Hubert subsequently repaired the Essex, but left the bullet holes — perhaps with a thought to future value. Ol' J.D., on foot by this time, had his rendezvous with destiny at a Chicago movie theater in July of that same year. His last thoughts were undoubtedly of his Essex, which is owned by the National Museum of Crime and Punishment in Washington, D.C.

Dillinger also had a 1932 Studebaker Commander he used in 1933 to rob the Central National Bank in Greencastle, Indiana — a textbook robbery that went off without a hitch. That car is in the Volo Auto Museum. Essex was his favorite brand, though.

Al Capone. Nothing but the best for bootlegger and crime boss Al Capone. On a recent visit to Kansas City, I stopped by the Rieger Hotel, where the legendary boss Tom Pendergast held court, and a sign in the bathroom says, “This is where Al Capone urinated.” Undoubtedly he arrived in his famous armored Cadillac.

Al Capone's Cadillac getaway car

Al Capone's armor-plated getaway Cadillac. (Photo: RM Auctions)

The green, four-passenger 1928 Model 341 town sedan (above) isn’t hugely impressive to look at — it wasn’t even the top of the Cadillac range that year — but the quality was built in. The mobster’s car is heavily armor-plated, one of the first cars to be so-equipped. As the video below shows, motorists who came under attack could lower steel curtains (complete with slits for firing back). A big steel plate protects the firewall. The glass is an inch thick and bulletproof. Here's video on what went into this unique Cadillac:

It’s these specific details that make the Caddy even more valuable, and it explains a 2012 auction price of $341,000. RM Auctions, which sold the car, said its provenance “has never been questioned,” but in fact it has. Capone’s ownership isn’t that well-documented, although the son of the armor plate installer said in 1933 that the car is authentic.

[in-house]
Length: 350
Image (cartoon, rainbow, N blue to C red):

Another Capone Cadillac, a gorgeous 1940 V-16 convertible, is unrestored at the Collings Foundation, in Stow, Massachusetts, and can reportedly be seen there by special appointment.

George “Machine Gun” Kelly was also a car guy. In his life of crime, he “was known to be enjoying many luxuries, including high-powered automobiles and expensive jewelry, without any visible means of support,” the FBI reported. For a famous kidnapping, he used a seven-passenger Cadillac (or Buick, the victim wasn’t sure). These days, "Machine Gun" Kelly is a rapper, and he's had misadventures with cars, too, totaling a Nissan Altima and a Ford Explorer.

george machine gun kelly

George "Machine Gun" Kelly. This is the gangster, not the rapper. (Photo: FBI)

In more modern times, mobster John Gotti showed impeccable taste in cars, owning a 1972 Jaguar E-Type convertible with V-12 power. That car, which cost $7,500 new, is now at the Mob Museum in Las Vegas.

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Jim Motavalli ( @jmotavalli ) writes about cars, technology and the environmental world to anyone curious enough to ask.